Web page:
House Budget Committee Chairman Paul RyanPaul RyanTrump: Dems ‘will make a deal’ on healthcare Pelosi, more Dems call for Nunes to step aside Nunes will not step down from Russia probe MORE (R-Wis.) blasted President Obama on Wednesday for promoting policies that stir class warfare.
Ryan lit into the Democratic administration for suggesting an increase in taxes on wealthier Americans to trim the deficit, saying that instead of "appealing to the hope and optimism that were hallmarks of his first campaign, [President Obama] has launched his second campaign by preying on the emotions of fear, envy and resentment."
"This has the potential to be just as damaging as his misguided policies,” Ryan said.
“Sowing social unrest and class resentment makes America weaker, not stronger."
In a highly charged speech at the the Heritage Foundation, a conservative think tank, Ryan let loose with his pent-up frustrations, criticizing the president for taking his "we can't wait" message around the country, touting his $447 billion jobs package while calling Republicans obstructionists.
The White House has tried to get on offense this week by announcing several policy actions intended to circumvent GOP opposition to the president's legislative program on jobs. The proposals have included changes to a housing program to help homeowners refinance, adjustments to student loan payments and enhanced efforts to put veterans back to work, specifically in the healthcare sector.
"Instead of working with us on these common-sense reforms, the president is barnstorming swing states, pushing a divisive message that pits one group of Americans against another on the basis of class," Ryan said.
"He is going from town to town impugning the motives of Republicans, setting up straw men and scapegoats and engaging in intellectually lazy arguments as he tries to build support for punitive tax hikes on job creators."
He called the president's criticisms of Republicans "petty and trivial," pointing to more than a dozen bills the House has passed to help spur economic growth and deal with the debt, "only to see the president’s party kill those bills in the do-nothing Senate."
Ryan also defended his House-passed budget proposal and encouraged the president to take another look at the measure.
"The House-passed budget was full of proposals to get rid of corporate welfare and crony capitalism," he said. "Rather than raising taxes and making it more difficult for Americans to become wealthy, let’s lower the amount of government spending the wealthy now receive … The politics of division have always struck me as odd: the eagerness to take more, combined with the refusal to subsidize less."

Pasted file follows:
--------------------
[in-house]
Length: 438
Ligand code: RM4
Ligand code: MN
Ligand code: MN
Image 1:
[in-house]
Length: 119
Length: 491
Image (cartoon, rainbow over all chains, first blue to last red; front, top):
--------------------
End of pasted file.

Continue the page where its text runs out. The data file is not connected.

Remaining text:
Obama has called on the wealthy to pay a larger share of their income in taxes, and Senate Democrats have proposed surtaxes on millionaires to pay for various parts of the president’s jobs package. So far, all efforts have failed to garner enough support — 60 votes — needed to move forward.
The speech comes as House Ways and Means Committee Chairman Dave Camp (R-Mich.) drops a draft plan to exempt most corporate foreign income from taxation, pushing the discussions over tax reform another step forward.
The Michigan Republican’s plan to move the country to a territorial system, according to lobbyists and media reports, would except 95 percent of a corporation’s offshore profits from U.S. taxation.
Ryan wove the argument of class warfare throughout his firery speech, arguing, "Given that the president’s policies have moved us closer to the European model, I suppose we shouldn’t be surprised that his class-based rhetoric has followed suit.
"We shouldn’t be surprised, but we have every right to be disappointed," he said.
The speech follows one Ryan delivered last month at the Hoover Institution at Stanford University, where he made the argument that the nation's fiscal situation won't improve until Medicare reforms are undertaken.